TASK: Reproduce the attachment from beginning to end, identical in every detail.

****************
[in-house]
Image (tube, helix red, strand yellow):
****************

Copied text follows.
[in-house]
Image (tube, helix red, strand yellow):